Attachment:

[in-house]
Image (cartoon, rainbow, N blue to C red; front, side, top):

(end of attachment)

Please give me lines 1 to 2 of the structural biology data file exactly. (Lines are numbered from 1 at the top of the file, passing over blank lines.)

[in-house]
Image (cartoon, rainbow, N blue to C red; front, side, top):